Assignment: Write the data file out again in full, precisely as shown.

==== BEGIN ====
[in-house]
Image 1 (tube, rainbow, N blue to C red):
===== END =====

[in-house]
Image 1 (tube, rainbow, N blue to C red):